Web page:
Tuesday, November 12, 2019

What Explains the Retirement Savings Shortfall?

In a perfect world, the typical worker would have saved $364,000 in a 401(k)/IRA retirement account by the time he or she was aged 55 to 64. Instead, the typical worker at age 55 to 64 has accumulated only $92,000.

What accounts for the gap in what should be and what is? In a study to determine the reasons for the gap, researchers at the Center for Retirement Research (CRR) analyzed IRS tax records and data from the Census Bureau's 2014 Survey of Income and Program Participation. First they estimated potential 401(k) balances in a perfect world—a world in which there is universal coverage, consistent contributions of 9 percent of earnings (6 percent contributed by workers and 3 percent by employers), no early withdrawals, and no fees. In that world, retirement savings for the typical worker aged 55 to 64 would amount to $364,000.

But the world is not perfect. The results of the CRR analysis show that one of the biggest reasons retirement savings are falling short of their potential is the immaturity of the 401(k) system, which went into effect in the early 1980s. Consequently, the "relatively recent shift from traditional pensions to the newer 401(k) plans means that many of today's 60-year-olds did not participate in a 401(k) plan when they were young workers," explain the researchers. Another major reason retirement savings are not as high as they could be is the lack of universal coverage. Many employers do not provide their workers with the opportunity to participate in a 401(k) plan. Lesser reasons for the shortfall are fees and leakages.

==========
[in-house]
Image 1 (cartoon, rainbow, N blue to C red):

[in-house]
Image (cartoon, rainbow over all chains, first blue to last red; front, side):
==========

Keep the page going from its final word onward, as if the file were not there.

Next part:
Here is how each of these reasons reduces the $364,000 potential in retirement savings to a paltry $92,000...

IRA balance for typical worker aged 55 to 64
$364,000 potential in a perfect system
Reduced to $247,800 after accounting for the immature 401(k) system
Reduced to $136,200 after accounting for the lack of universal coverage
Reduced to $122,800 after accounting for fees
Reduced to $92,000 after accounting for leakages

Source: Center for Retirement Research at Boston College, Why Are 401(k)/IRA Balances Substantially Below Potential?

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